China yesterday said it hoped to expand newly restored ties with the Pacific state of Kiribati, site of a strategic, but mothballed Chinese space tracking station, in comments that might further stoke US anxiety about Beijing’s growing influence.
A senior Chinese diplomat said Beijing was “open” to all sorts of projects in Kiribati, an ex-British colony made up mainly of atolls in the central Pacific, in waters dominated by the US and its allies since World War II.
Chinese President Xi Jinping (習近平) yesterday lauded Kiribati for “standing on the right side of history” during his first meeting with Kiribatian President Taneti Maamau since his administration severed ties with Taiwan in September last year.
Responding to Xi, Maamau reaffirmed his administration’s commitment to the “one China” principle and expressed his “deepest respect” for the Chinese government’s sovereignty.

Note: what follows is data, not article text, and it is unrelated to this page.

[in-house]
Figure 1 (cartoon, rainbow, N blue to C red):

Speaking to reporters after the Xi-Maamau meeting, the diplomat, Department of North American and Oceanian Affairs Director Lu Kang (陸慷), did not respond directly to a question about whether Beijing planned to reopen the space tracking station.
“A lot of ideas, a lot of initiatives for joint ventures are still on the way,” said Lu, a former spokesman for the Chinese Ministry of Foreign Affairs.
“So long as any ideas that could benefit both sides, especially both peoples on both sides, definitely China is open to these kind of ideas,” he said, without elaborating.
China’s space program is overseen by the military, which has so far declined to comment on the Kiribati facility.
Kiribati had established diplomatic relations with Taiwan in 2003, prompting a break with Beijing. Up until then, China had operated a space tracking station in Kiribati, which played a role in tracking China’s first crewed space flight and is in a part of the world where the US tests missiles and other military hardware.
Former Republic of China ambassador to Kiribati Abraham Chu (朱文祥) told the Central News Agency in Taipei last year that China had never fully removed the tracking station in Kiribati and that it “could come back at any time.”
Maamau and his delegation also met yesterday with Chinese Premier Li Keqiang (李克強).
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